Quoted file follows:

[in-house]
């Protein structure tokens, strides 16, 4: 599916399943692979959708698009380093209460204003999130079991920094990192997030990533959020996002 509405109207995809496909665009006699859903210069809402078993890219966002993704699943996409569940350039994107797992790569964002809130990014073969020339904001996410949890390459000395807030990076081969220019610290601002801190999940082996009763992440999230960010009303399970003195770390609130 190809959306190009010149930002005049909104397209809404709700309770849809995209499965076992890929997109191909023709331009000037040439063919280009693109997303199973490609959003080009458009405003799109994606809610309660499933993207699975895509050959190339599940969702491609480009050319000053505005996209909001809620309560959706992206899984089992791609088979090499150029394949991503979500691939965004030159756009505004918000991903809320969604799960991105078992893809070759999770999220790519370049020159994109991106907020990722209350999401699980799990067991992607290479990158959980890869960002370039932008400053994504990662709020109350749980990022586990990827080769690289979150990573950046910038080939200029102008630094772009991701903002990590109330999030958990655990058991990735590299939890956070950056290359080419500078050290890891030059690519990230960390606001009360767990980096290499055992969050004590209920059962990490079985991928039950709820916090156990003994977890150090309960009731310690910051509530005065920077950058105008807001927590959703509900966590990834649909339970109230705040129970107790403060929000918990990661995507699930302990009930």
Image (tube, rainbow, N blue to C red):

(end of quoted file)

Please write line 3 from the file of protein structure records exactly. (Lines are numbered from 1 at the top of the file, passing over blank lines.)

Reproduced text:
Image (tube, rainbow, N blue to C red):